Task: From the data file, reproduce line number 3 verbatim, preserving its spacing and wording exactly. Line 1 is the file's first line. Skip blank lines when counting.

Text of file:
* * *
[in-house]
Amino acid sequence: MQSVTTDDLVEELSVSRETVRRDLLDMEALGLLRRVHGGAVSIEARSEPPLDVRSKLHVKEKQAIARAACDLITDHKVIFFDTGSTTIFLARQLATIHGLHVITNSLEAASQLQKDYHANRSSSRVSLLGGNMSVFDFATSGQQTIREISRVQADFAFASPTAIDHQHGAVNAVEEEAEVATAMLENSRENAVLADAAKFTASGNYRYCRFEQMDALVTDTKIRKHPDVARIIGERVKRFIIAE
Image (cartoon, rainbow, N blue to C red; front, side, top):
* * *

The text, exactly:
Image (cartoon, rainbow, N blue to C red; front, side, top):